By studying seismic waves, scientists can essentially peel back the thin layer of the Earth’s crust and peer inside the planet. Seismology is arguably the backbone of our understanding of the planet’s interior, and it’s surprisingly simple. When earthquakes travel through dense, hot spots, they slow down; if a seismic wave reaches a sensor later than expected, geologists know that it traveled through one of these so-called low-velocity regions hidden deep within the Earth. Researchers can track multiple seismic waves to pinpoint the exact locations of mantle plumes or subducted tectonic plates.
To simplify many seismic measurements, geologists assume that the Earth’s mantle is relatively isotropic, meaning that the materials within the layer will affect seismic waves in the same way regardless of the wave’s direction. Yet mantle flow near subduction zones is anything but isotropic. Instead, the anisotropic, or directionally dependent, characteristics of the mantle can be seen on a macroscopic level—in melt-filled cracks, for example—or on a microscopic level, in the alignment of crystals within mantle rocks. This disconnect between models and reality is a problem for seismology given that seismic waves will travel at different velocities throughout such a heterogeneous medium.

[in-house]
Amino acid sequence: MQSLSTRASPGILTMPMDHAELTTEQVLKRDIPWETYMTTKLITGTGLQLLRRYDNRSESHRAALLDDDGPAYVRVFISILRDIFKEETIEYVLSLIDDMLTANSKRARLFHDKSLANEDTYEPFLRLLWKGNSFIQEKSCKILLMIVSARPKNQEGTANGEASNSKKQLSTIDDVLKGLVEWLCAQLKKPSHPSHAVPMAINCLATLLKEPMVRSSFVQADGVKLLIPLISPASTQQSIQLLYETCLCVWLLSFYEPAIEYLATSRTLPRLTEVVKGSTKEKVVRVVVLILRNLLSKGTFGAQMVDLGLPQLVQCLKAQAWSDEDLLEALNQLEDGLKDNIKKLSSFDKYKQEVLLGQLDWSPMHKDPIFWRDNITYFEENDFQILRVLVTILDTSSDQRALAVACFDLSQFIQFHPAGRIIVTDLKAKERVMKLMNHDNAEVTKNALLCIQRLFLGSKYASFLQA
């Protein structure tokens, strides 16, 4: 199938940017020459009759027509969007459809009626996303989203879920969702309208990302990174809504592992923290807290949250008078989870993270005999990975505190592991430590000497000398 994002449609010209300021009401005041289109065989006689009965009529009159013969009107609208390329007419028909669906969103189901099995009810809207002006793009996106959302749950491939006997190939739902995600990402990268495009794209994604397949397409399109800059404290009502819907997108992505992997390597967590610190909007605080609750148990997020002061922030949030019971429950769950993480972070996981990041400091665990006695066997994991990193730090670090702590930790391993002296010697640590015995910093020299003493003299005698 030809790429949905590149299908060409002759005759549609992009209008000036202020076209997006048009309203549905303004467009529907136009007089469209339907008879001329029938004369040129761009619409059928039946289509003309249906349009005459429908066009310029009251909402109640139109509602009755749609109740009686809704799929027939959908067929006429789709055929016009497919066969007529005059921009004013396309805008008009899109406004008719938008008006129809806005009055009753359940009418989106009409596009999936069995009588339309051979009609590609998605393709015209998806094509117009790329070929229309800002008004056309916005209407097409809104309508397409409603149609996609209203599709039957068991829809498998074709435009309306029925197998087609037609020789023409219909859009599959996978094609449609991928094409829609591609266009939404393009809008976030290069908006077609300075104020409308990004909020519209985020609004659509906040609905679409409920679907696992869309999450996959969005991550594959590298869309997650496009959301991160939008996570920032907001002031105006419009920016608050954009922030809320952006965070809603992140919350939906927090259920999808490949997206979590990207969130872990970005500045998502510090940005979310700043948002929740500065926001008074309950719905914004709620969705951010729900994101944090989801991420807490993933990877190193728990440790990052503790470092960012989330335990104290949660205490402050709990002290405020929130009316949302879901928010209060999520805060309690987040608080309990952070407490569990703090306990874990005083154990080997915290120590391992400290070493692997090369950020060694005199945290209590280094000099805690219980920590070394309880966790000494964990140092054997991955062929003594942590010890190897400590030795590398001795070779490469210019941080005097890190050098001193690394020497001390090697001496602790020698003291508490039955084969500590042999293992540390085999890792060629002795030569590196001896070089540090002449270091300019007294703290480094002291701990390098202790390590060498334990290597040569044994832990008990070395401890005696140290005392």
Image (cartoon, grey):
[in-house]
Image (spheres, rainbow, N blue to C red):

Here Bezada et al. assessed just how much this assumption leads to disparities between predictions and observations. To begin, the researchers modeled the anisotropic characteristics of the mantle at a hypothetical subduction zone using a previously established petrological-thermomechanical technique and simulated seismic waves propagating throughout the region. The team measured the travel times of those seismic waves under both isotropic and anisotropic conditions and compared the results.
The team found that the composed images of seismic wave speeds at the subduction zone appeared to have a number of false readings—artifacts that could be incorrectly interpreted by a geologist.
But the researchers also found that their results improved if they first included an a priori constraint on the anisotropy of the field. This constraint can be found from geodynamic modeling—and it need not be perfect to dramatically improve the final seismic image so that geologists see many fewer of those artifacts in the first place. This new method could help researchers see the Earth beneath our feet even better than before (Geochemistry, Geophysics, Geosystems, doi:10.1002/2016GC006507, 2016)
—Shannon Hall, Freelance Writer